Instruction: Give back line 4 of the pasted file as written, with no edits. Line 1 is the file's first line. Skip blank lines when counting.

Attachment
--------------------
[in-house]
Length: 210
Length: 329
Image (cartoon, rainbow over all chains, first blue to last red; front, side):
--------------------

Image (cartoon, rainbow over all chains, first blue to last red; front, side):